Two days in a row, we went in low-stimulus mode at Howest University in Belgium. This time around, we didn’t host hundreds and hundreds of young creative minds all at the same time. Instead, we organised consecutive tailor-made workshops developed by Occupational Therapy students at Howest University to host small groups of primary school children from special-needs education in a low-stimulus setting.
The university student teams were assigned to provide all Dream Machines with an occupational therapy approach, taking into account the specific needs and requirements of the children. This setting doubled as the final round of customer feedback on all proof-of-concept models.
Next up were workshops to create ‘fidget toys’. This year’s participants are clearly fans because it was their explicit wish to provide this as an extra to all the Dream Machines. The solution: they could make them themselves. These fidget toys can relax children and increase concentration. An opportunity for the students to experiment with new materials and techniques.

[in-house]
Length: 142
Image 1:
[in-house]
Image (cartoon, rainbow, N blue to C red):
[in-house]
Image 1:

“It was an excellent morning! It was interesting that the students got explanations about the different projects. The students were excited that they could really get to work themselves. The fidget toys they were allowed to make will certainly be used in the classroom and at home!“, Teacher Luna Zimmermann, Primary School De Klim-Op, Zwevegem, Belgium.